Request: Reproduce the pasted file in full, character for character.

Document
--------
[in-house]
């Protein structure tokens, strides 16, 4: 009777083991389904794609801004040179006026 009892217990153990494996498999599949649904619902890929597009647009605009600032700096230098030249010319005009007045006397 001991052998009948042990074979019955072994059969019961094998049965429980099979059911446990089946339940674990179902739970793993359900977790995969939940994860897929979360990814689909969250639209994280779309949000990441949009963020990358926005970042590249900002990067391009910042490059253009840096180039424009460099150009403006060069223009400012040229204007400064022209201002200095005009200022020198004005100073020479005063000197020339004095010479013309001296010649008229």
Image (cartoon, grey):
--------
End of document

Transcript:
[in-house]
């Protein structure tokens, strides 16, 4: 009777083991389904794609801004040179006026 009892217990153990494996498999599949649904619902890929597009647009605009600032700096230098030249010319005009007045006397 001991052998009948042990074979019955072994059969019961094998049965429980099979059911446990089946339940674990179902739970793993359900977790995969939940994860897929979360990814689909969250639209994280779309949000990441949009963020990358926005970042590249900002990067391009910042490059253009840096180039424009460099150009403006060069223009400012040229204007400064022209201002200095005009200022020198004005100073020479005063000197020339004095010479013309001296010649008229």
Image (cartoon, grey):